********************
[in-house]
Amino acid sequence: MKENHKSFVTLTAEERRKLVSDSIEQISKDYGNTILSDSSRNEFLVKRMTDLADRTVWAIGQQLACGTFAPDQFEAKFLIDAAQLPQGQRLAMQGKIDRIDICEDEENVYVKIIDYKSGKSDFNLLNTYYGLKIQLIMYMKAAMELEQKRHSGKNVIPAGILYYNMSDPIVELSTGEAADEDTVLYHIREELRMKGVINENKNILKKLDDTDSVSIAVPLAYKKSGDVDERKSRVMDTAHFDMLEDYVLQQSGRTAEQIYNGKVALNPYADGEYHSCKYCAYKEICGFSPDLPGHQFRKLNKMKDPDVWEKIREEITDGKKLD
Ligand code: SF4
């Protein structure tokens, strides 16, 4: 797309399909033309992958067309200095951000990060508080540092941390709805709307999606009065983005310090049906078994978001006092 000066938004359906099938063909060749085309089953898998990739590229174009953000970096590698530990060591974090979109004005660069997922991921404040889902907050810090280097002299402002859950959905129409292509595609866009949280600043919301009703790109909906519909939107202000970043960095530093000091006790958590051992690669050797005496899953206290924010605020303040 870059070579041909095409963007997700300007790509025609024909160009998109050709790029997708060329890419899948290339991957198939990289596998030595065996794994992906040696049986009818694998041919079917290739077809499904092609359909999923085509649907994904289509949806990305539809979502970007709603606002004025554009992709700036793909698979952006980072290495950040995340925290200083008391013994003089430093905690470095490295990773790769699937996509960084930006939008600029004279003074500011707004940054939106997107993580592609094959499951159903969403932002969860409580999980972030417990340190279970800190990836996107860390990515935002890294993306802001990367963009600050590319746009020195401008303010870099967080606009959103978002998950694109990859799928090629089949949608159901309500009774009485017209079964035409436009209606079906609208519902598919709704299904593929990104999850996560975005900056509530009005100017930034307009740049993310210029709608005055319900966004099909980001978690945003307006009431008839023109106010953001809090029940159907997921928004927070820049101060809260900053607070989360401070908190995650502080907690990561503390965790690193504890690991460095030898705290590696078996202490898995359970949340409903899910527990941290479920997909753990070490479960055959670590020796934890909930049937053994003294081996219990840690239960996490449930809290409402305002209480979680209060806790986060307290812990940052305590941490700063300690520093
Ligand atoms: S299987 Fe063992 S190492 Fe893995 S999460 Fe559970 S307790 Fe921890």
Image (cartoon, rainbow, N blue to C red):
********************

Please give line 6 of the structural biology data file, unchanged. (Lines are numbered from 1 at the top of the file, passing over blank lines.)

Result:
Image (cartoon, rainbow, N blue to C red):